I note that the reception staff are telepathic. So if I make Angie a receptionist, it starts to explain her falling for Frank before being introduced. But I also want something else going on, so they can explore their one-sided relationship in the midst of dealing with the crisis du jour.  From my list of situations, I choose the intriguing Charlie Brown lunch box on Mars.

But that’s a mystery, not a conflict. I need something that involves the characters and impels them into action.

How’s this? The weird office – let’s call it Mad Science Inc. – found the lunch box while doing commission work for NASA, processing Mars Rover data. Unfortunately, the lunch box got there due to an illegal and dangerous time/space distortion experiment conducted by, you guessed it, Mad Science Inc.

Frank is a low pay scale data guy who notices that the info being fed to NASA has been tinkered with. He gets to discover what’s going on, become involved in a cover up, and make a moral choice whether to risk his job by blowing the whistle (or maybe risk his life – there’s some strange and scary stuff behind the doors of our Mad Science company), and he gets to do it all while being trailed by a love-sick, telepathic receptionist.

That’s better. Conflict, character, moral decisions, action. Much better. Still not a story, though. We’ve got all the pieces, we’ve started assembling the puzzle, what’s still missing?

Join us next time for part three, the conclusion.

Friday, August 12, 2011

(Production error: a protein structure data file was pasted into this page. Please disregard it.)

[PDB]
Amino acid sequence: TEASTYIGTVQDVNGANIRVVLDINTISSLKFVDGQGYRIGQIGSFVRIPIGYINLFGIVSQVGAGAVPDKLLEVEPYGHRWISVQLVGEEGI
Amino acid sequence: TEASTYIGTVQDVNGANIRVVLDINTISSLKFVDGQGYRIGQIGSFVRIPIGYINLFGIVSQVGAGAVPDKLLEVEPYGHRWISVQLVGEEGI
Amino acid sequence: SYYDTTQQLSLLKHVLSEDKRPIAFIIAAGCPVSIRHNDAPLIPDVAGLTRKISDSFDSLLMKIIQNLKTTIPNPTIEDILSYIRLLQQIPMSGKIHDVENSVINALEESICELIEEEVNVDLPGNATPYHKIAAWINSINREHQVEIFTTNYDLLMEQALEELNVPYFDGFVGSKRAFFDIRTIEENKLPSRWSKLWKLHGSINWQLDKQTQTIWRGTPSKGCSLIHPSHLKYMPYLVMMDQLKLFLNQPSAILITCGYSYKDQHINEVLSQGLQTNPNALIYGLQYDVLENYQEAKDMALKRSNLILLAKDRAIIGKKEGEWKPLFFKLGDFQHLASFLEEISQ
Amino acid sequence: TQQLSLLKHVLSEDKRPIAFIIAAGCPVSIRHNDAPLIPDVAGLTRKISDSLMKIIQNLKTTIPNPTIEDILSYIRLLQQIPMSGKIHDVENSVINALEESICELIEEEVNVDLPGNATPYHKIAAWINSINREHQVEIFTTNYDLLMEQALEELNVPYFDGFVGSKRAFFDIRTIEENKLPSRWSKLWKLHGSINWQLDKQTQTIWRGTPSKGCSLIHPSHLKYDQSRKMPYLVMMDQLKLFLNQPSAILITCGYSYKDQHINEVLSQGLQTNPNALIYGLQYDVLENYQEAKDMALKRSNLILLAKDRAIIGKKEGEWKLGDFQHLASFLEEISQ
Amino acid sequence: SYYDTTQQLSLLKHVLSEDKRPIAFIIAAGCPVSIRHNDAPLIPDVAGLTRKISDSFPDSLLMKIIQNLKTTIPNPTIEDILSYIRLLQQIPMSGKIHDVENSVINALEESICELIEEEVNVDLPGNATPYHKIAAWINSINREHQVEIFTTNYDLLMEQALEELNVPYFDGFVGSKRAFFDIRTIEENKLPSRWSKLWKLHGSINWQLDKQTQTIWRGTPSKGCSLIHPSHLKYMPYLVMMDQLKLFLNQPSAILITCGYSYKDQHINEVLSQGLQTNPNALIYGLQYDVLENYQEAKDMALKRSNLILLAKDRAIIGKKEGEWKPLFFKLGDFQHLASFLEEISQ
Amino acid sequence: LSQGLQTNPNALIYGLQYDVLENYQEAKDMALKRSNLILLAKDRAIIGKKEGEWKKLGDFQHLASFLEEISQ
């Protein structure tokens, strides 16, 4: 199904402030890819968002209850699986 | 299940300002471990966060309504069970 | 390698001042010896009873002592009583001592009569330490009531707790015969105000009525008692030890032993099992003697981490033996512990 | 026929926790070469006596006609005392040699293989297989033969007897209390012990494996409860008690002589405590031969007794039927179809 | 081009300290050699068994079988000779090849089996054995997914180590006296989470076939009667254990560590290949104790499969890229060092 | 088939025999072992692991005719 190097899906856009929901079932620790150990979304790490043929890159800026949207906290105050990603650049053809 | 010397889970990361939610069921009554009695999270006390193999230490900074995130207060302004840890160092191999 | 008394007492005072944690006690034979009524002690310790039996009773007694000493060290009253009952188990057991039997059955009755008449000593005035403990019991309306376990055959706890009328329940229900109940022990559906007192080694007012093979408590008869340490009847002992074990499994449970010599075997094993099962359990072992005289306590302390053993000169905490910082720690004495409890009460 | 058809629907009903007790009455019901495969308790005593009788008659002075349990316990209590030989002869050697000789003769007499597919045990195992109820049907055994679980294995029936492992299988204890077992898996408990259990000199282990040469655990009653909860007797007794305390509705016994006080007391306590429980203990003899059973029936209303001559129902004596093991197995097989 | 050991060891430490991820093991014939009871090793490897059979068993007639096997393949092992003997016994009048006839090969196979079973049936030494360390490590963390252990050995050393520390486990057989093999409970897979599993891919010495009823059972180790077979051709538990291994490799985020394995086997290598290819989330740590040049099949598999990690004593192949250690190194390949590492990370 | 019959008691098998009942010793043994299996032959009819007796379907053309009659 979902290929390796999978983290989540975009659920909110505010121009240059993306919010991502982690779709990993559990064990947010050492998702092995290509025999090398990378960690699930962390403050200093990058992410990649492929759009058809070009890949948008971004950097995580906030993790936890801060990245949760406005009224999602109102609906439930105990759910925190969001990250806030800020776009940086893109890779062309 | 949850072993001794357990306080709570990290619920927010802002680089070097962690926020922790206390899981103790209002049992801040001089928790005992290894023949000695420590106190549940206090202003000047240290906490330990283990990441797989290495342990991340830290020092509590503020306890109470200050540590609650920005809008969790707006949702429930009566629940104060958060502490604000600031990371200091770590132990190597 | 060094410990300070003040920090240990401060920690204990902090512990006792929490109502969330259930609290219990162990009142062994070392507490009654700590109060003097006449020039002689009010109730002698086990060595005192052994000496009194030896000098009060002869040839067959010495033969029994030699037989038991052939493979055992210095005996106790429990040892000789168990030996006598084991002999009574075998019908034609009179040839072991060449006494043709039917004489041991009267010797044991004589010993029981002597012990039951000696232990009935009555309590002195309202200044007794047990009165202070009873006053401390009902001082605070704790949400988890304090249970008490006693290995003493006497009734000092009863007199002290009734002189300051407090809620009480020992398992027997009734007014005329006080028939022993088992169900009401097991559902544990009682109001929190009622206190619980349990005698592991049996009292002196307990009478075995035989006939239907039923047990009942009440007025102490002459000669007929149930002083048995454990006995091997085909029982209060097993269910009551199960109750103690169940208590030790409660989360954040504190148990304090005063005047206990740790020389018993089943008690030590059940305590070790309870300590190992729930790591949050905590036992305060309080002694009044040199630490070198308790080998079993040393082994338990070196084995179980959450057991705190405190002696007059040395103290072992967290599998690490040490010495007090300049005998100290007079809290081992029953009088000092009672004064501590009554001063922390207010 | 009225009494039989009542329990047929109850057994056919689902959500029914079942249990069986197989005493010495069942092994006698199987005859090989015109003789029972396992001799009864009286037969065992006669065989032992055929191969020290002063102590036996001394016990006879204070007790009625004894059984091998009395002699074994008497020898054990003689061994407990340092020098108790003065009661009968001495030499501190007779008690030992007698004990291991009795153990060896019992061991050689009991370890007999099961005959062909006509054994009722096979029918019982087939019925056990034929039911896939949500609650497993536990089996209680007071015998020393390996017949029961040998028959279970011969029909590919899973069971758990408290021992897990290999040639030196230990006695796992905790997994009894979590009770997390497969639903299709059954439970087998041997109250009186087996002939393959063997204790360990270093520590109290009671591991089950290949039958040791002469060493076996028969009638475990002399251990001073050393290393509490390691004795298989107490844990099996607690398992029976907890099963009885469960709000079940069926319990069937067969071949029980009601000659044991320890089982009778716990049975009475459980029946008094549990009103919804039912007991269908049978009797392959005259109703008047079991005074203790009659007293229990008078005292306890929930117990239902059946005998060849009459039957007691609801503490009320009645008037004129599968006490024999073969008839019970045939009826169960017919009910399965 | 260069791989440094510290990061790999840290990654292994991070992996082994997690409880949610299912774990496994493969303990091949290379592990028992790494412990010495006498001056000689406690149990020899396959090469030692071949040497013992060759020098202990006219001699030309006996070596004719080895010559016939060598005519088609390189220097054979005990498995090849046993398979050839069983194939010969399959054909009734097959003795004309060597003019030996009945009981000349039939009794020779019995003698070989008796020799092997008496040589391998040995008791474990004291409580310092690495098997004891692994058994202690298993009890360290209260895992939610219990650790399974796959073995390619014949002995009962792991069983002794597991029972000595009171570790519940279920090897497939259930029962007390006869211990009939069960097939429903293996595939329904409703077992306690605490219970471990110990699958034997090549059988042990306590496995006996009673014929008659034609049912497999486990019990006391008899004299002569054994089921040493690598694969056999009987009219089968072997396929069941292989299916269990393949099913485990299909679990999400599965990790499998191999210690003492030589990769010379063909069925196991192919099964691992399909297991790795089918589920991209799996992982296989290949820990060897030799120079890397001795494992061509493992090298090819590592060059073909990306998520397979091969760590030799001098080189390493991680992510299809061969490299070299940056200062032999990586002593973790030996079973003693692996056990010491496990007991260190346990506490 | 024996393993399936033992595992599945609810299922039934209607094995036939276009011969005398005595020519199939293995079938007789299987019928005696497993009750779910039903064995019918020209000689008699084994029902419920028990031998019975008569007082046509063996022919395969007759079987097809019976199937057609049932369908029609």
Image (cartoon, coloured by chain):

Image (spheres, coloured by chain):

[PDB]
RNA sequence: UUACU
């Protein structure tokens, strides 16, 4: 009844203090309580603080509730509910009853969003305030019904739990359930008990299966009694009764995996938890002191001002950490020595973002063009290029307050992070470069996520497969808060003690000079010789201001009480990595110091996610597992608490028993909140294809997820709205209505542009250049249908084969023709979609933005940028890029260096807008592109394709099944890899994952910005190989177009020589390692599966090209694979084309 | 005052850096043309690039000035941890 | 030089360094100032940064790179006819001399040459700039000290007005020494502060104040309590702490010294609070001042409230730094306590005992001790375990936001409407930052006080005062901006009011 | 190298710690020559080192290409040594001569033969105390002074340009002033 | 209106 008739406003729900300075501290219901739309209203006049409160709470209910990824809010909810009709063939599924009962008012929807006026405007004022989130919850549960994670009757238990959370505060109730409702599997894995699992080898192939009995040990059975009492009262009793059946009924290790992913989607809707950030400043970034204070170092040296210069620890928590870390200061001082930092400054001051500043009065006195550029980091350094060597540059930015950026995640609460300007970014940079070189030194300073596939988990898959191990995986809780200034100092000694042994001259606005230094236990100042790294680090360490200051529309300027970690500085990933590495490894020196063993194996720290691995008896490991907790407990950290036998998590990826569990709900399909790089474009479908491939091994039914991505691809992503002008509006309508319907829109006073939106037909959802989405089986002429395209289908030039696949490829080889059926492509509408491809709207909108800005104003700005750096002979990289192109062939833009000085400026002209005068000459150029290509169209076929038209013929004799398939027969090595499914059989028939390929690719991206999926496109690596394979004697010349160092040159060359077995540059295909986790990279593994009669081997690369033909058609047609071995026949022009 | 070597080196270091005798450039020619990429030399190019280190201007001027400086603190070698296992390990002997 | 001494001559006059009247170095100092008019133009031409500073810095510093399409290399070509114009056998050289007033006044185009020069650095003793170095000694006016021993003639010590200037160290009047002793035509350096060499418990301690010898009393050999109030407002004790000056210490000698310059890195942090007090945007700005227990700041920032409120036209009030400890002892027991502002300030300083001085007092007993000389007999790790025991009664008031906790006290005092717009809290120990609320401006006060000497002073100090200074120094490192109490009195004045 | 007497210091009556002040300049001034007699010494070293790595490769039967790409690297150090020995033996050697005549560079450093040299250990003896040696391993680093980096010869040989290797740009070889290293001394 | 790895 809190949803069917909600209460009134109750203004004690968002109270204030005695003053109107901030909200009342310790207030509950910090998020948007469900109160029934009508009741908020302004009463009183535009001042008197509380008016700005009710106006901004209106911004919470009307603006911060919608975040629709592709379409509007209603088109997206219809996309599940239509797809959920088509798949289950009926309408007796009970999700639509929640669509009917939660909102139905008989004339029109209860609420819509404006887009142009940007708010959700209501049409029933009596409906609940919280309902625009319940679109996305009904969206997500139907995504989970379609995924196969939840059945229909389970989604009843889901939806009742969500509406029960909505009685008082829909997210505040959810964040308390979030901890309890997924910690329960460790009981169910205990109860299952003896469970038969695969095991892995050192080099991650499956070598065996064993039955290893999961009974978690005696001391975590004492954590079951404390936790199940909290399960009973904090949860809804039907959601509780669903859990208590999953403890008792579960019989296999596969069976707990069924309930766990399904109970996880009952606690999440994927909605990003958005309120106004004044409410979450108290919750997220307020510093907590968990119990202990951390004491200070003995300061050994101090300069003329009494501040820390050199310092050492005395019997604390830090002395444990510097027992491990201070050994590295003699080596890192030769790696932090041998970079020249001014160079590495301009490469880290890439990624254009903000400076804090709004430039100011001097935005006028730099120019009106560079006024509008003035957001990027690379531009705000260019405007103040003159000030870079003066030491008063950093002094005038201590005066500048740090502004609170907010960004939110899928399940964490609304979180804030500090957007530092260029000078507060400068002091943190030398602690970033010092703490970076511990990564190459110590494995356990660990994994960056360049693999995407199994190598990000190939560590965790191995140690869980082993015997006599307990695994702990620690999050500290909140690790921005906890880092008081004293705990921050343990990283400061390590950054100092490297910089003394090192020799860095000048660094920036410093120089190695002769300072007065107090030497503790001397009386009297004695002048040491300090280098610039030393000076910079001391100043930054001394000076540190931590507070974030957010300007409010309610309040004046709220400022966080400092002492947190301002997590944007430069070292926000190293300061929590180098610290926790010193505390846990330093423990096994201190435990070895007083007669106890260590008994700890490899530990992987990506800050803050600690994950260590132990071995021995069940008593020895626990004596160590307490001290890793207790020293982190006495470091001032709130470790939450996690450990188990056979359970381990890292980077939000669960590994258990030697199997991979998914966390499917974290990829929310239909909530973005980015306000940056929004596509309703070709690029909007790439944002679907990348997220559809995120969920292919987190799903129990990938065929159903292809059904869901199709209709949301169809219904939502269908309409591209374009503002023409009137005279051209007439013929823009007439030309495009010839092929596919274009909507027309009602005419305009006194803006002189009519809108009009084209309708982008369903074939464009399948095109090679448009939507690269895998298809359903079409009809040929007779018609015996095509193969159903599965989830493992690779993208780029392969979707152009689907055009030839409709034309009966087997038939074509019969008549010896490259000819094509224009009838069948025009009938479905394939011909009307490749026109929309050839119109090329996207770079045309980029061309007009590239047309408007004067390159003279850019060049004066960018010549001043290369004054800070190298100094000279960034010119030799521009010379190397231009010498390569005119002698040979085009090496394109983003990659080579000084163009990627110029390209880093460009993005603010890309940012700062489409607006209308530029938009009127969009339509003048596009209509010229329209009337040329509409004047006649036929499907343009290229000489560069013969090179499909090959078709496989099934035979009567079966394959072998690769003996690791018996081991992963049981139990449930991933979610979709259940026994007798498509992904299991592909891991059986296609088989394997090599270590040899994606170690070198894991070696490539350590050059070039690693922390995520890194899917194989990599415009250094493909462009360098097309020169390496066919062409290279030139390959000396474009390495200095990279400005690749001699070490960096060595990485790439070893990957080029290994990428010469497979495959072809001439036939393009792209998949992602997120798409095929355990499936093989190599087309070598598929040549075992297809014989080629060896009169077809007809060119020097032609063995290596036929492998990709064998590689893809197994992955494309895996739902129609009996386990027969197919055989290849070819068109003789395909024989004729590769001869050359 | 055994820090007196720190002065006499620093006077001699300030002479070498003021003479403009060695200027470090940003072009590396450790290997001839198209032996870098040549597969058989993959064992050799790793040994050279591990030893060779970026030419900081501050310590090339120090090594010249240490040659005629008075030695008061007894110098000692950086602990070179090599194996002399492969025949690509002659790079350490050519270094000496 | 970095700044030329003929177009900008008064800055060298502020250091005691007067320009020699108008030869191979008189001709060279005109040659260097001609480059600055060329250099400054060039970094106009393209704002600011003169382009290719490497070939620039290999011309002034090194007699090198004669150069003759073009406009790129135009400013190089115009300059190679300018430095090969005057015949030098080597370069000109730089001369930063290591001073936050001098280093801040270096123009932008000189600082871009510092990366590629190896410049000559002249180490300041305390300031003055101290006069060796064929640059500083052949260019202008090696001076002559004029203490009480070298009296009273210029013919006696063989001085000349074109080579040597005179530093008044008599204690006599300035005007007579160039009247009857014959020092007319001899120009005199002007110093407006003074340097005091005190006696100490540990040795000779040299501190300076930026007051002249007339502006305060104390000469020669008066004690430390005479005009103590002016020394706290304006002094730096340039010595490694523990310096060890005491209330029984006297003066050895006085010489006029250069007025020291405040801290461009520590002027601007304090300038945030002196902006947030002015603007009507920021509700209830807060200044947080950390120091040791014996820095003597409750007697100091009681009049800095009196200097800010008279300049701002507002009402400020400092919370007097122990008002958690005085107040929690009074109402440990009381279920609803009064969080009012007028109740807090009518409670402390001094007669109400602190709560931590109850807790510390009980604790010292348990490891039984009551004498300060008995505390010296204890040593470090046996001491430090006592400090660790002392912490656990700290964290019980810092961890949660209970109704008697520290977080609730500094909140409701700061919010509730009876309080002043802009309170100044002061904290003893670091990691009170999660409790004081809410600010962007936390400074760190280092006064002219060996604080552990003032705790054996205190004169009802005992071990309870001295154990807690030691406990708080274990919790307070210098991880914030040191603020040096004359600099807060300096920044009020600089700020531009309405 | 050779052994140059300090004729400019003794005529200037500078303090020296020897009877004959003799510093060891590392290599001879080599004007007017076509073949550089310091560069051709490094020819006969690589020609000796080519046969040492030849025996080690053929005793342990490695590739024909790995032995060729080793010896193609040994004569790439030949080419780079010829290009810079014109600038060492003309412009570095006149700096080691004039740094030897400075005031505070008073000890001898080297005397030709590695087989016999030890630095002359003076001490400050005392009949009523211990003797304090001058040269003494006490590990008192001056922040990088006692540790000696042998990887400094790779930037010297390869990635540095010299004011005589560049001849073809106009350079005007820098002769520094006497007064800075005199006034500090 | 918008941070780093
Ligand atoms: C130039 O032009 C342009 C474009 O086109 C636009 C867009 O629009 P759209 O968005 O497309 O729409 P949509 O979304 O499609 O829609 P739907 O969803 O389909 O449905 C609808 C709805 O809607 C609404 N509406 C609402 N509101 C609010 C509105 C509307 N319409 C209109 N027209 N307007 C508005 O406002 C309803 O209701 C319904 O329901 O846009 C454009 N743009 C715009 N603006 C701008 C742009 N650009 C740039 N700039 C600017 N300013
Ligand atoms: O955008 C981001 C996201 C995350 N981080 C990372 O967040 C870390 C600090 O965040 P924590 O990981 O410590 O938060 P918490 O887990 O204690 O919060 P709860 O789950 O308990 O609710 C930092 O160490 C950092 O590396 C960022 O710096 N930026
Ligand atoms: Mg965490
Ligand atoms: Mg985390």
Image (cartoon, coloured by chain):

Setting, Situation, Scene, Story (Part One)

There are a lot of entertainments I concoct in the idle fancies of my delirious mind. I’m a fantasy guy, no question.

Sometimes I dream a world like our own, but somewhat askew. What would the world be like, I wonder, if there were licensed, professional wizards? How would they dress? What would we hire them for? Or, I ask myself, what would the world be like after some great, unexpected transformative event? And sometimes I work on a smaller scale, my wonders to create. What would be the weirdest job office I can think of? Where the mail room staff are all clones of the same person and the receptionists are telepathic.

And sometimes I’m more amused by setting up a mystery, or a puzzle. An unmanned Mars probe finds a Charlie Brown lunch box.  A homeless man in Detroit stumbles across a corpse that is not entirely human.

And, probably because I have script-writing experience, I spin out encounters and moments of dialogue.

   ANGIE: I just what you to know… I’m madly in love with you.

   FRANK: Uh, okay. Hi, I’m Frank, by the way.

  ANGIE: Angie. Pleased to meet you.

I could spin that into a full-blow sequence of events, with humor and clever interactions. I could easily waste an afternoon on it, if I had one to spare.

The  problem, from a writer’s perspective, is that none of these things are stories. They are, in order, settings, situations, and scenes. That they all suggest stories is wonderful. They are starters, if you will, story seeds.

But your audience, be they readers or viewers or listeners, didn’t come for the tease. They didn’t come for anything less than the full show.

So next time we’ll discuss how to give it to them.